Photo: Boonsri Dickinson, Business Insider
Being a renter can make you feel like a renter.After a while, the cheap flooring and outdated kitchen can start to get to you, and you might find yourself wishing you just owned the place so you could fix it up.
But, renters can personalise their space too. In fact, you can make quite a few improvements to a rental without breaking your budget – or your lease.
A coat of paint can completely transform a room. For example, my last rental was nearly perfect -- except that the landlord had painted the walls the colour of yellow snow.
After trying to live with the horrible colour for a few months, I finally invested $50 in some light grey paint and covered the walls in a single weekend. It was like living in a brand-new apartment.
Light fixtures in rentals are usually cheap, brassy, and ugly. Fortunately, if you're handy with tools, you can swap out the ugly fixtures for ones you like -- and then just pop the ugly ones back in when you move out.
And you can find cool, cheap light fixtures at resale stores. I purchased two wrought-iron chandeliers at the Habitat ReStore (http://www.habitat.org/restores/) for about $50.
Replacing the light switches is a dirt-cheap and quick way to spruce up a room, especially since rentals always have the cheap plastic ones. You can find different styles at any hardware store.
Etsy also has handmade light switches. You can buy if you want a funkier look.
The kitchen cabinets in my rental were cheap and outdated, so I took them off.
I removed the top cabinet doors, lined the backs with decorated shelving paper, and displayed my funkier dishes inside. In about 30 minutes, my kitchen went from typical rental to modern and cute.
I kept the doors so I can reattach them before I move out.
You can always cover up ugly linoleum or cracked tile flooring with a rug, or you can buy removable flooring to cover the entire floor.
Hardware stores sell click-and-lock bamboo flooring and carpet squares that you can lay down without gluing.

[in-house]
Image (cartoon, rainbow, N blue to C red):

Rentals never seem to have enough countertop space to hold your appliances -- or even just to cook around.
Several hardware stores and home decor places sell rolling kitchen islands or butcher's blocks with no installation required. And if you buy one with wheels, you can just roll it out when you're ready to move.
The bathroom in my rental came with a tiny medicine cabinet, which wasn't nearly enough storage space.
I bought an over-the-toilet cabinet, a towel rack, and a storage shelf from a department store for about $100. Now I have all the space I need and I can take it all with me when I move.
While your landlord would probably flip if you ripped out the tile, you can still change it a bit.
Tile stickers come in all sorts of different designs and adhere over your existing tile. Once they're on, they look just like the real thing. You can find tile stickers at home decor shops and some hardware stores.
You can easily replace the basic showerhead with a wrench and some plumber's tape.
I bought a $15 rain showerhead to replace the cheap one my landlord installed. The new showerhead has 10 times the water pressure of the old one -- definitely a worthwhile investment for both me and the landlord.
Bottom line: While most landlords won't care if you make temporary changes to your rental, you should get your landlord to agree to any more permanent changes -- like painting -- in writing before you start the project. With a written approval, your landlord shouldn't be able to penalise you or keep your security deposit.